My parents were like black and white, like oil and water, like sin and prayer. My father, not one to boil over, married a kettle of emotions. If he could’ve loosened his grip and if my mother hadn’t completely unraveled, perhaps my childhood would’ve been different. But it was what it was. We all have moments of grace and we all have things happen, I just happened to be inoculated early.
I got the best of my dad and the worst of Mom: I inherited his frame and posture, her moles and droopy eyelids. I possess his sense of rightness, fairness, and goodness, which get me through, and her vanity, stinginess, and mouthiness, which get me in trouble. I have his common sense, his work ethic, and reliability—her foolishness, her self-absorption, and pride. I have his manners, conduct, and character—her resentment, entitlement, and disdain. I inherited Dad’s sociability, Mom’s sarcasm, his loyalty, her indifference, his modesty, her arrogance. I carry his confidence and am weighed down with her self-doubt. I am also his good intentions and her unattended sorrows.
Until I’d met some cousins at a family reunion, I’d not come across anyone that cared for my mother (well, except my brother, but he couldn’t stand her cigarette smoking). My cousins remembered Mom from when she was young, and thoroughly liked her. They thought she was honest, humorous, and hip. They told me she held her own on just about any subject, was well-read in history and well-versed in sports, and could rattle off team stats with the best of them. Now that I write this, I think it’s not true. I only know four people that disliked Mom: my father and my three sisters. They were the ones who had issues with her, though I think Claudia went along just for the ride. Even my brothers-in-law liked my mother. I was glad to find that she had people in her court. Maybe she wasn’t as “out there” as I thought. She was just like the rest of her family—who, compared to my father’s family—were all a little out there. It’s all relative.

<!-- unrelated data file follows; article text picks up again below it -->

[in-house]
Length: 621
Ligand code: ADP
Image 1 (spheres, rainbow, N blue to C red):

My sisters and I are much like mom, in that whatever flies into our minds is likely to fall out of our mouths. I’m also hardheaded like my grandmothers, Barbara and Nellie, who were two peas of the same pod. I live in that pod too, that place of rules and righteousness, of stubbornness and inflexibility. I also appreciate that I possess our flip side: our willingness and determination, our trust and persistence.
Babe was not the mother I wanted, but she was the one I got. Was she a good mother? No. Did I love her? No, I can’t say I did; I’m not that big. But as life would have it, having her as a mother ended up to be in my best interest. Although she may not have been “good enough” I turned out as well as I have because stand-ins appeared throughout my life: sisters and friends and lovers who filled that mothering gap for me. It pays to be adoptable.
I survived my childhood. I raised two sons as a single mom (I got by with a little help from my friends). I’ve gone from welfare to two successful businesses and a longtime career in real estate. I learned to dance, no small feat for someone with two left ones. And I thank God I’m a hardheaded woman. I’m not so sure my sons agree, but they’re entitled to my opinion, too.
A local writer, irreverent humorist, and astute storyteller, Catherine Sevenau is currently posting her third book, “A Family Memoir, Through Any Given Door,” as a web serial at www.Sevenau.com. She co-hosts Random Acts, a monthly open mic at Readers’ Books, located just off the Sonoma plaza. You can reach her at [email protected]